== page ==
Wednesday, February 22, 2012

To PS or Not to PS

Yesterday, the TYWKIWDBI (pronounced Tie-wiki-wid-bee and standing for "Things You Wouldn't Know If We Didn't Blog Intermittently") had a post about the logic of us a "PS:" with an email. The "Post Script" is used with letters, because you've already written the letter when you think of something else to add. With handwritten letters, you obviously can't use the "insert" key and just put your afterthoughts into the middle of the letter. But, with emails and even letters written in a computer word processing program, you can do just that. So, TYWKIWDBI was pondering the point of the email PS.

Since this blog focuses on letters rather than emails, I started many people even use PS in handwritten letters anymore?

When I studied marketing, specifically direct mail writing, I discovered that "junk mail" writers consider the PS very important. They claim that the PS is almost always read. I guess junk mail readers want to see what was so important you had to add a special note about it at the end of your letter.

So, tell me, do you PS?

Monday, February 20, 2012

Video about letter writing

I came across this YouTube video today.  I'm not really sure who she is, but she shows the viewers the old suitcase where she keeps all the letters and notes she receives. I love hearing what other people think about letters and letter writing!

Friday, February 17, 2012

Historical Letters

When Anne Sebba was researching Wallis Simpson for the recently released biography on the American who would prompt the King of England to give up the throne and marry her, Sebba came across a packet of letters "never seen publicly before." The letters were written by Wallis to her not-yet-ex-husband, Ernest Simpson.

According to the CBS Sunday Morning Show, the letters reveal a "troubled, even tortured woman" torn between her past and future.

You can watch the entire segment online at

Thursday, February 16, 2012

Storing Letters

Do you keep all of the letters you receive? All of the letters that you've ever received?

How do you store them? Do you keep them in a bundle tied with a ribbon? Do you store them in an archival, document-safe box? There's an interesting article on the topic at the Unclutterer website.

I don't store my as safely as I should. My wish list includes some of these boxes from the Light Impressions company. They seem to be a good choice.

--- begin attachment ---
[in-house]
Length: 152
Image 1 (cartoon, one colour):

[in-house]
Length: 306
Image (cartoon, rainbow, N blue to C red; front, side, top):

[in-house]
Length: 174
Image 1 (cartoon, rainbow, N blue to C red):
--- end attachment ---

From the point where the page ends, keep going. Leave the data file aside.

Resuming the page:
Let me know how you store your letters.

Wednesday, February 15, 2012

Speaking of Love Letters

(Above) Elizabeth Barrett’s first letter to Robert Browning, January 11, 1845. Courtesy Wellesley College, Margaret Clapp Library, Special Collections via the Browning Letters Collection. (Courtesy of Baylor University)
On Valentine's Day, fans of 19th century poets Robert Browning and Elizabeth Barrett Browning were given online access to a collection of 573 letters the two exchanged from 1845 to 1846.

Baylor University in Waco, Texas, and Wellesley College in Wellesley, Massachusetts, introduced the digital collection called The Browning Letters. Not only does the site contain scans of the original letters, allowing the public to see the writers' handwriting, but the letters also are transcribed for easier reading.

According to the news release posted on the Baylor website, "the collaborative task provides unprecedented free online access to these celebrated letters for scholars and romantics alike -- and may inspire readers to opt for pen and paper over text messages and email..." 

On the Wellesley College website has another page titled The Browning Collection, and it includes photos of items belonging to the Brownings. There, you can see the box that Robert kept Elizabeth's letters in, the collapsible leather case she kept his letters in, and more. You can read more about the collection at the Wellesley news site

If you've ever read any of their poems (you probably have.... How do I love thee? Let me count the ways. I love thee to the depth and breadth and height...), you're surely to enjoy seeing their original letters.